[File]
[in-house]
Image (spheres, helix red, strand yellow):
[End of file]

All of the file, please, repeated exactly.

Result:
[in-house]
Image (spheres, helix red, strand yellow):